Table of Contents

Last modified on June 10th, 2024

The factor theorem states that if f(x) is a polynomial of degree n (≥ 1) and ‘a’ is a real number, then (x – a) is a factor of f(x), if and only if f(a) = 0

Thus, if we substitute a number for x in a polynomial and get zero, then x minus that number is a factor of the polynomial.

Mathematically,

If f(a) = 0, then f(x) = (x – a) × q(x)

Thus, (x – a) is a factor of f(x)

Also, if (x – a) is a factor of f(x)

Such that f(x) = (x – a) × q(x), then f(a) = 0

This is, thus, an extension of the remainder theorem and is commonly used to factor a polynomial and find its roots.

Let us consider a polynomial f(x), which is being divided by another polynomial (x – a)

If the quotient is q(x), and the remainder is f(a).

From the remainder theorem, we know

f(x) = (x – a) × q(x) + f(a)

By substituting f(a) = 0, we get

f(x) = (x – a) × q(x) + 0

⇒ f(x) = (x – a) × q(x)

Since (x – a) completely divides f(x), (x – a) is a factor of f(x)

Thus, if f(a) = 0, then (x – a) is a factor of f(x)

Now, let (x – a) be a factor of f(x)

Thus, f(x) = (x – a) × q(x)

⇒ f(x) = (x – a) × q(x) + 0

On comparing with the remainder theorem, we get

The remainder = f(a) = 0

Thus, if (x – a) is a factor of f(x), then f(a) = 0

**How to Use Factor Theorem**

Let us find the factors of the polynomial f(x) = x^{2} + 4x – 5

Assuming f(x) = 0 and solving further, we get

x^{2} + 4x – 5 = 0

⇒ x^{2} + 5x – x – 5 = 0

⇒ x(x + 5) – 1(x + 5) = 0

⇒ (x + 5)(x – 1) = 0

Thus, we get either (x + 5) = 0 or (x – 1) = 0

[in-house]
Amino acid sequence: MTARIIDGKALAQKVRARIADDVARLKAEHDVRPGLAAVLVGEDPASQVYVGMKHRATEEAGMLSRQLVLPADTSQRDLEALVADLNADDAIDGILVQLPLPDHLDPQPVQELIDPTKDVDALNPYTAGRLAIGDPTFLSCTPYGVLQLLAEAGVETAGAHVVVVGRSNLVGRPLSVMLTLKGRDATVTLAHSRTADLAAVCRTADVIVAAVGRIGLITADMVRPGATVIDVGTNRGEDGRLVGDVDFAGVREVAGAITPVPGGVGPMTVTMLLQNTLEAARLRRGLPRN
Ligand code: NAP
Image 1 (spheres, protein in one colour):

⇒ x = -5 or x = 1

If f(x) = 0, the values of x are called the roots of the function.

Here, the roots or the zeros of f(x) = x^{2} + 4x – 5 are 1, -5

The factors of f(x) = x^{2} + 4x – 5 are (x – 1), (x + 5)

Now, using the factor theorem, we get

If x = -5 is a root of f(x), then

f(-5) = (-5)^{2} + 4(-5) – 5 = 25 – 20 – 5 = 0

If x = 1 is a root of f(x), then

f(1) = (1)^{2} + 4(1) – 5 = 1 + 4 – 5 = 0

Since the remainders f(-5) and f(1) are zero, (x + 5) and (x – 1) are the factors of f(x), which proves that -5 and 1 are the zeros of the polynomial f(x).

Also, if x = a is a root of the polynomial, then (x – a) is a factor of it, and vice versa.

**Verify whether p + 1 is a factor of p ^{4} + 2p^{2} + 1**

Solution:

Here, f(p) = p^{4} + 2p^{2} + 1

By putting (p + 1) = 0

⇒ p = -1

At p = -1, we get f(p) = f(-1)

⇒ f(-1) = (-1)^{4} + 2(-1)^{2} + 1

⇒ f(-1) = 1 + 2 + 1

⇒ f(-1) = 4

Thus, p + 1 is not a factor of p^{4} + 2p^{2} + 1

**Verify whether x = ${\dfrac{2}{5}}$ is a root of f(x) = 125x ^{3} – 20x + 4**

Solution:

For x = ${\dfrac{2}{5}}$,

We get,

${f\left( x\right) =f\left( \dfrac{2}{5}\right)}$

= ${125\left( \dfrac{2}{5}\right) ^{3}-20\left( \dfrac{2}{5}\right) +4}$

= (2)^{3} – 4(2) + 4

= 4

Thus, x = ${\dfrac{2}{5}}$ is not a root of f(x) = 125x^{3} – 20x + 4

**Use the factor theorem to verify if 2y + 3 is a factor of the polynomial 4y ^{2} + 12y + 9**

Solution:

Here, f(y) = 4y^{2} + 12y + 9

By evaluating for y, we get

(2y + 3) = 0

⇒ 2y = -3

⇒ y = ${\dfrac{-3}{2}}$

Using the factor theorem, at y = ${\dfrac{-3}{2}}$, we get

${f\left( y\right) =f\left( \dfrac{-3}{2}\right)}$

= ${4\left( \dfrac{-3}{2}\right) ^{2}+12\left( \dfrac{-3}{2}\right) +9}$

= (-3)^{2} + 12(-3) + 9

= 9 – 18 + 9

= 0

Thus, 2y + 3 is a factor of the polynomial 4y^{2} + 12y + 9

**Use the factor theorem to verify if 3n + 4 is a factor of the polynomial 6n ^{2} + 11n + 4**

Solution:

Here, f(n) = 6n^{2} + 11n + 4

By evaluating for n, we get

(3n + 4) = 0

⇒ 3n = -4

⇒ n = ${\dfrac{-4}{3}}$

Using the factor theorem, at n = ${\dfrac{-4}{3}}$, we get

${f\left( n\right) =f\left( \dfrac{-4}{3}\right)}$

= ${6\left( \dfrac{-4}{3}\right) ^{2}+11\left( \dfrac{-4}{3}\right) +4}$

= ${6\times \dfrac{16}{9}-\dfrac{44}{3}+4}$

= ${\dfrac{32}{3}-\dfrac{44}{3}+4}$

= ${\dfrac{32-44+12}{3}}$

= 0

Thus, 3n + 4 is a factor of the polynomial 6n^{2} + 11n + 4

**More Resources**

Last modified on June 10th, 2024